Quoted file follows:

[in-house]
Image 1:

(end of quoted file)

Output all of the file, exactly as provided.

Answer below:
[in-house]
Image 1: